When was the last time you talked to your company’s emergency response planners? If you haven’t done so in a while, make it a New Year’s resolution to get a cup of coffee with them.
Since late 2013, we’ve seen high-stake data breaches at Target, Home Depot, and most recently, Sony Pictures Entertainment, among other companies. The Sony cyberattack makes it clear that the potential after-effects of data theft must figure prominently into a company’s overall disaster preparedness plans.
The Sony situation — in which hackers working on behalf of North Korea’s government stole proprietary information and personal employee data through Sony’s computer network, according to the FBI — has already resulted in lawsuits, embarrassing executive emails posted publicly, and a new movie’s release outright cancelled amidst security threats.
In short, the data theft disrupted business in a way Sony likely never anticipated.
Technology and its benefits play prominently in the national push towards EHRs, interest in cloud-based medical care, and the general use of digital devices in healthcare. However, technology in the wrong hands can result in people taking illicit advantage of all three of these trends.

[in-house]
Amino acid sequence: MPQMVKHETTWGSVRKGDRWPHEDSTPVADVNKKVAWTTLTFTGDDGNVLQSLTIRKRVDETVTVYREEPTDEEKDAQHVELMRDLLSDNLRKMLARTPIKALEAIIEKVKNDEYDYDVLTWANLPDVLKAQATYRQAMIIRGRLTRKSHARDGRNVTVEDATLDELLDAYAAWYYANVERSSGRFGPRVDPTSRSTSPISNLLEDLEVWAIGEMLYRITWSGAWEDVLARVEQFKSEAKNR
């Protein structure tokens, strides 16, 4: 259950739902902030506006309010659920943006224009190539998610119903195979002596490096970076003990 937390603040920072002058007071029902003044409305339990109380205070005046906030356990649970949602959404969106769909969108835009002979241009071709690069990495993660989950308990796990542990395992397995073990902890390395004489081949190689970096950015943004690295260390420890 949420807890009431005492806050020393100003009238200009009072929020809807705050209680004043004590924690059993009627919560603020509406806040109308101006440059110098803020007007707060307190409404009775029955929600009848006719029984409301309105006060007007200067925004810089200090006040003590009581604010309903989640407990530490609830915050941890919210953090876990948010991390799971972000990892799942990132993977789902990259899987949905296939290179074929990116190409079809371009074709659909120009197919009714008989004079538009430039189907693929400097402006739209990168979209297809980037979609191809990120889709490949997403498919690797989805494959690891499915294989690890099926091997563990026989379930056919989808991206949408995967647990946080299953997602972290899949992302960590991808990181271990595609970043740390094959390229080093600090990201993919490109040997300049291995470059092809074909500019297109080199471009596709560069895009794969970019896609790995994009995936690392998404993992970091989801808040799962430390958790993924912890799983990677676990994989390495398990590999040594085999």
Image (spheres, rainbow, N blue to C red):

Just prior to leaving the ONC in summer 2014, former Chief Privacy Officer Joy Pritts told SearchHealthIT that two of the best tools to help thwart medical identity theft are security risk assessments and thorough criminal background checks on new employees.
Much like healthcare clinicians and safety officers must judge their ability to react to bombings, transportation disasters, and disease outbreaks, CIOs must determine whether a given organization can withstand a network-based assault on the level of Sony’s incident.
Will your patients return if a foreign country steals their EHRs? Do executives in your company use email to express opinions that would be unflattering under public scrutiny? Are revenues at risk if a hacker threatens violence at a hospital?
Regardless of whether the motive is simply EHR fraud or a bigger political statement, a potential cyberattack via health IT systems needs renewed discussion between emergency preparation organizers and CIOs. To avoid this assessment any further, particularly for large healthcare systems, invites a situation similar to Sony’s.
Scott Wallask is news director at SearchHealthIT. Follow him on Twitter @Scott_HighTech.